BEIJING (Reuters) - Jennie Finch may be the face of women’s softball but it is U.S. team mate Crystl Bustos whose heart provides the beat for the most dominating team at the Beijing Games.
While Finch and many of her team mates look as if they just walked out of swimsuit photo shoot (Finch turned down an offer to pose for Playboy), Bustos’s allure is on the baseball diamond and she makes no apologies for it.
Looking as if she could bench press any one of her team mates with her thick tattooed arms, Bustos admits she was well known to local police growing up in California and was a regular visitor to the principal’s office for fighting.
But the woman Sport Illustrated as labeled the Babe Ruth of softball, is by all accounts a slugger with a heart of gold.
“She is probably the most giving, caring person I have ever met in this game,” U.S. coach Mike Candrea told Reuters. “She gives back much more than she ever takes from this game.”
With two Olympic gold medals and a third just two wins away, Bustos continues to take from softball.
But with retirement coming after the final out of the gold medal game on Thursday — the same day softball will be officially dropped from the Olympic program — Bustos is planning to put her time into her fledgling foundation to help kids play softball when their parents cannot afford the cost.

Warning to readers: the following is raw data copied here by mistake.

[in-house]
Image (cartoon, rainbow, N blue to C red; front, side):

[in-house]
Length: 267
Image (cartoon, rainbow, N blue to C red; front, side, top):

The 30-year-old slugger has also promised the International Softball Federation (ISF) and USA Softball she will work tirelessly, go anywhere and do anything to help bring sport back into the Olympics.
But before that there will be the small bit of unfinished business, a golden ending to her career. The U.S. is 7-0 with six shutouts and appears primed to win their fourth straight Olympic title.
“I haven’t really thought about it, I know I won’t play anymore after this but I’ve been focused on what we are trying to do,” Bustos said recently. “But I guess, today was one of those last days.
“I’m pretty much out there, when it comes to me, I focus on one thing and when I focus on that one thing nothing else matters.”
The most dominating hitter women’s softball has ever known, Bustos strikes fear into opposing pitchers each time she saunters to the plate, an aluminum bat resting softly on her shoulders like a rocket-launcher ready to be fired.
Like all sluggers of lore, she walks with a swagger and possesses a paralyzing ‘don’t mess with me’ scowl that leaves outfielders trembling.
With good reason.
At the 2004 Athens Games, Bustos hammered an Olympic record five home runs.
She has put four more into the Beijing bleachers bringing her career Games record to 12.
“The girl is a beast,” said U.S. pitcher Monica Abbott. “I face her all the time during scrimmages an she’s not fun to face, so I know how they (opposing pitchers) are feeling.
“She’s a beast and she is going to get the job done.
“What do other pitchers think when Boo comes to the plate?....Uh, oh.”
Editing by Steve Ginsburg